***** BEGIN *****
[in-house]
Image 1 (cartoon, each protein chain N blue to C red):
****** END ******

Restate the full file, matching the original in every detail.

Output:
[in-house]
Image 1 (cartoon, each protein chain N blue to C red):